“Cider With Rosie – but with ration cards!” David Boyle
A boy is born in 1938 at Coughton, in rural Warwickshire, known to outsiders only for Coughton Court, a Tudor mansion which played a part in the gunpowder plot. The boy’s parents regret bringing him into existence at a time when the Nazis were about to destroy the world as the British knew it.
This is the story of the boy as he grows up during and in the aftermath of World War Two, from wartime itself and through the years of real austerity, which included severe rationing with no free food banks, up until the time he joins the Merchant Navy, just in time to go to war himself.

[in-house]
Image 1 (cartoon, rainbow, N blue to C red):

But this is not a story of misery – quite the opposite. It is a story of making the most of things and enjoying life without the need for plentiful food, home comforts, new toys, normal holidays or money to spend. It begins in a country village where everyone knows everyone else and characters abound, thence to a village school where one teacher serves all except the youngest infants.
Holidays mean visiting relatives, including central London in wartime and a stately home, Camerton Court in Somerset, which had been commandeered and turned into a military hospital. The ups and downs of Alcester Grammar school, followed by merchant navy training at the brand new Southampton University, lead to the gradual awareness of girls, coming of age and finally into a new life of world wide travel – after another war was over.